On March 1, I took Chris to the airport. He was flying out to Toronto for a big international conference and wasn't scheduled to return until Thursday, when I'd drive back to the airport to pick him up.
There were we, early on a Saturday morning, on the domestic departures floor, hundreds of people all around, at various stages of getting ready for their flights.
After Chris got his boarding pass and baggage tags from the kiosk, he proceeded to the queue to drop off his checked-in luggage. Already, there were dozens of people in the line. It was time to say good-bye.
Over the past two-decades-plus, Chris and I have hugged literally thousands of times, as any couple, gay or straight, does. It's very natural. It feels good. You want to keep doing it. Usually, my arms go around his upper body (yes, like the female would do), and his arms go around my lower body (like the male would do). They just go there, like second nature, from lots and lots of practice.
Do you think they went there when we said good-bye with all those people around? I still can't remember what we did. It was a combination of one arm this way, the other that way, for both of us–in other words, one of the most unsatisfying hugs I've had in a very long time. Awkward.
And you can bet there was no kiss. Never mind that this is my life partner. Never mind that I don't consider my life partner any different from the life partner of anyone at the airport that morning. Never mind that, if the fates intervened, I could never see Chris again. You have to think about these things–or, at least, I have to think about these things. That's the way my brain works.
On the drive back home, I thought, what was that about? What was that weird hug back at the airport? What was that look in Chris's eyes when I pulled away from him? How had we come up with such an uncomfortable way to say good-bye? And all I could think was, unconsciously, both of us had been too aware of where we were, all the people around us, and had fallen into a habit we'd had back in the early '90s, when we said good-bye to each other then, and felt there was no way we could let on to anyone around us that we were a couple. It was just easier for us that way, and, God knows, it was easier for everyone else.
And then this question popped into my head: Subconsciously, why is it more important to protect the sensibilities of other people than our own? Why are we so aware of the possibility of offending other people, by doing nothing more than showing ourselves as the loving gay couple we are, saying good-bye to each other at the airport? Or, simply put, why are someone else's feelings always more important than our own?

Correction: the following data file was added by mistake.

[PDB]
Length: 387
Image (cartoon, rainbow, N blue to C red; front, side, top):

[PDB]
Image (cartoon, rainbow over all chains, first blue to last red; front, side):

I think one of the answers is, it's just easier that way. It's easier to let people think we're brothers, or friends, or colleagues, or whatever (but certainly not a gay couple–oh, no, not that). It's easier not to cross the line, not to let on we're anything more. Never mind that we dishonor our relationship, and the many years we've been together, and our love for each other, by not saying good-bye in the same way straight people do, a way that no one would pay any attention to, if straight people were doing it.
How is it easier? Because, then, if Chris ends up sitting beside someone on his flight, who saw us embrace like the life partners we are, he wouldn't have to put up with some attitude or uncomfortable questions or even contempt. It's just easier to keep everything nice and even and normal. Not upset the apple cart, so to speak. Easier for us, maybe, than for everyone else. And perhaps that's reason enough.
On Thursday, I drove back to the airport to get Chris. What a relief–his flight arrived safely. Life can get back to normal.
As Chris approached me, we hugged, and, this time, we got it right. The arms went to the usual places, we showed everyone there we're more than brothers or good friends, and it felt oh-so-good. (Still no kiss, though, which I almost risked doing. Almost.)
Mid-embrace, I looked up and saw a young fellow with messy, long blond hair, who'd been milling about the arrivals floor, waiting for someone. I saw him look at us. I saw that flash of acknowledgement cross his face. And I saw that contemptuous smirk. It was scarcely there, but it was. Unmistakably.
There's a good chance that dude, who, in a nano-second, passed judgment on us, wasn't even born when Chris and I met. That our relationship is older than he is. And I'll be damned if I'm going to let the expression of a punk marginalize what Chris and I have, take anything away from our commitment toward, and love for, each other. He doesn't have the right to do that. Nobody does. I don't care what his religious affiliations are, or what he was raised to believe is right and wrong, or whatever.
It all happened so fast, but I hope I had a fuck-you look on my face. Because he deserved it. His attitude deserved it. His narrow-mindedness deserved it. His readiness to judge something he knows nothing about deserved it.
I will not allow someone's negative feelings about me change how I feel about myself. And I will put my own feelings before anyone else's, when it comes to being the gay man I am, who couldn't be more proud of his partner and his relationship. I've earned the right.
I've earned the right.